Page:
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This week I had a huge confrontation with my mother which lasted a few hours. Both of us were terribly upset. Fortunately, the next day, we were able to communicate what we were really feeling and able to resolve our issues in a loving way. Both of us took responsibility for our actions as well as our reactions. The truth is we both wanted the same things for each other, but were having difficulties in expressing these needs.
Not all of us can do this with our loved ones, nor may the opportunity even present itself.
I know that many of you who are caring for a parent, in particular can relate to this since many of our parents are in their 70's or 80's and it appears to be almost a generational belief. Our parents say that they don't want to be a burden to us. However, their actions which may stem from their beliefs and neediness appear to enroll us just the same as their caregiver.
As a caregiver, it is important to get in touch with a major issue which is how much responsibility do your feel for your loved one and how much is too much. This is especially important when a loved one is terminal, or their illness is long term with deterioration, slowly taking over them.
For example: As my father was nearing his final days, my mother became critically ill from being overburdened as his primary caregiver. After his passing, she fell needlessly, breaking her wrist which required several surgeries, and suffering a concussion. Having not fully recovered from her illness when dad was in his final days, her healing process from this accident was critical, requiring constant care for several months. In the past four years she has been critically ill about five times, requiring 24 hour care seven days a week or months at a time.
Was my brother there to help her? No. Were her brother and sisters there to help her? No. Who was there? Me. And believe me, there were times that I didn't want to be either. But being there was I conscious choice I made. I am sure many of you can relate to this.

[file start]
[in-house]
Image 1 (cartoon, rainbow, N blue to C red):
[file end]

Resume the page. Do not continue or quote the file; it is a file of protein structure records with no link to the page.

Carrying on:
In the interim, I was fortunate enough to be able to have my mother participate in psychotherapy sessions with me.(I had been getting one on one counseling all along.) Therapy helped us grow together in a way that we had never experienced in all our years. The love and bonding is something that never had existed prior to this time frame. I had always loved my mother, understanding that she was dealing with her own upbringing, conditioning and patterns as well. I was always in forgiveness for the past and present in the moment loving her very much.
However, some where inside me, I began to take on such responsibility for her life. I was her parent in many instances making major decisions, when she couldn't, handling finances , arranging for aids,and much more.
Finally, she is able to function on her own. She lives alone, is growing and healing in many ways. So what is it that keeps me still feeling responsible for my mother?
As a result of the confrontation, we both came in touch with the following. My mother was feeling strong enough to live her own life once again, without me directing her. She also wanted me to move forward in my own life with business and socializing. Likewise, I having been working very hard in my business as well as in going out more often. We have agreed to talk less on the phone and spend less time with each other, so that we could explore once again on our own. It feels right for both of us.
I posed the question "So what is it that keeps me still feeling responsible for my mother?". I have not answered it because this is your journal exercise for this week. What is it that makes you feel so overly responsible? How did this feeling of being responsible build up? Is your loved one capable of handling certain things on their own? Are you permitting them to be as independent as they are truly capable of and as they would like you to or have you taken over? When your loved one is verbally demanding, stubborn about letting someone else come into relieve you of the burden, how do you feel? How do you think you can begin to set some boundaries between you and your loved one? How can you feel less responsible ? How can you feel less guilty? Is what you are doing really what your loved one would want?
This is going to be very different for each of you. Take some quiet time before writing, to still your mind. Ask for guidance or direction before your begin writing. The most important thing to remember is that you are not alone, even though it might appear to be that you are, in your particular situation. God, or that higher power is guiding us and with us.
Detail as much as you can. See where you are stuck when answering some of these questions. Imagine what it would be like not being so responsible. See where you can lesson your own burden.
I know there might be a lot of resistance to this exercise, but one tends to blame the parent rather than look inward to where the feelings are really coming from.
Be nurturing to yourself. Bless you in all you are doing.
©Copyright Gail R. Mitchell 4/15/99